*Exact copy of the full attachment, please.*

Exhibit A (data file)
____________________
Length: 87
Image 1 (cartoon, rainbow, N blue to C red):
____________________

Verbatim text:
Length: 87
Image 1 (cartoon, rainbow, N blue to C red):